As the pandemic accelerates digitalisation, issuing digital forms of fiat currencies is at the forefront of many central banks’ plans. Termed central bank digital currencies (CBDCs), APAC is leading the charge in this space with active pilots and research on the technology by regulators here. But what would the future of CBDCs actually look like – and why does it matter?
To understand this, it helps to zoom out on how the economy has changed in the past year. The pandemic pushed a record number of businesses online, and widespread disruptions created a profound shift in payments, accelerating the adoption of digital wallets in e-commerce while hastening the decline of cash at the point of sale.
According to our 2021 Global Payments Report, digital wallets exceeded 60 per cent of online payment methods in APAC in 2020 and by 2024 will make up 65 per cent of online transactions. Cash is projected to represent only slightly over 10 per cent of transactions in APAC by 2024, and the decline of cash will be near total in some markets, falling to 5.9 per cent in China, 2.1 per cent in Australia and just 1.6 per cent in Hong Kong.
While today most digital payment methods connect back to a traditional credit or debit card, that’s changing. The last 12 months have also seen a rise in cryptocurrencies such as Bitcoin, which rose to a new record high of more than US$50,000 in February.
COVID-19 accelerates the use of digital currencies
The uncertainty created by the ongoing pandemic has led to cryptocurrencies including Bitcoin becoming mainstream. Both Apple Pay and PayPal recently started supporting bitcoin payments in the US. In Asia, Singapore’s DBS bank launched a digital currency exchange last December – this is the world’s first cryptocurrency exchange backed by a traditional bank.
As consumer demand for digital currency payment options rises, merchants in Asia are now beginning to accept such payment options across various channels. For example, in Japan bitcoin is accepted by over 260,000 stores and Japanese e-commerce giant Rakuten had just launched a crypto wallet this month that allows users to shop both online and in-store using crypto.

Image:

Merchants across Asia now accept crypto payments as well, such as Singapore’s food court operator Kopitiam, Hong Kong’s furniture chain Pricerite, Malaysia’s online pharmacy Gootbat.care and South Korea’s convenience store chain CU, to name a few.
While cryptocurrencies are rising in popularity, they are decentralised and operate independently of established banking or money transfer systems. This means they lack the legal tender status declared by governments and if a country’s citizens all start using another currency the government cannot control monetary policy.
CBDCs on the other hand brings together the convenience and security of cryptocurrencies and the regulated, reserve-backed money circulation of the traditional banking system. They act as the digital form of fiat money effectively replaces notes and coins.
More than 8 in 10 central banks are now actively engaged in CBDC projects, according to a survey by the Bank of International Settlement. One of the most advanced is China’s digital yuan, which has already undergone trials in a number of cities locally.
CBDCs are the future
The growing popularity of cryptocurrencies, coupled with the rapidly declining use of cash, is putting pressure on central banks to accelerate their digital currencies efforts. In the coming years CBDCs will play a key role in the financial services ecosystem and could eventually bring about the demise of cash all together.
A centrally-backed digital currency provides better security, while reducing fraud and lowering costs. It allows for better monitoring of financial activity making crimes such as tax evasion much more difficult and offers a higher level of control and traceability in comparison to private cryptocurrencies and cash, with better tracking for tax collection.
There are also social motivations. They could make the transfer of money across borders easier and this will have many positive implications like enabling foreign workers, for example, to transfer money back to their home countries. They can broaden financial inclusion, allowing access cash and funds to more people around the world, particularly in emerging economies.
Digital currencies could also help businesses with cash flow, especially in the hard-hit retail and hospitality sector. We also may see the rise of programmable money, which could allow key workers discounted goods and service tax rates, among many other features.
Challenges facing CDBC
However, questions remain around how CBDC will be regulated and how they will interact with existing forms of currencies, and there are also concerns that CBDCs could draw money out of private banks.
The creation of CBDCs raises privacy concerns as well. With a large amount of data stored in a central system, this means that an individual’s financial information could be easily surveilled by the government or worse exposed to criminals. Ultimately, there will need to be a marriage of trust and opportunity for digital currencies to see mass acceptance.
Once it goes mainstream, CBDCs will be a game-changer, bringing about a rapid shift to the banking and payments ecosystem that has never been seen before, and with more and more countries now beginning to implement their own CBDCs, 2021 could be the year when CBDCs have the chance of becoming a reality.
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